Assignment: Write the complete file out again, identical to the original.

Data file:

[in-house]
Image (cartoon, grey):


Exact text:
[in-house]
Image (cartoon, grey):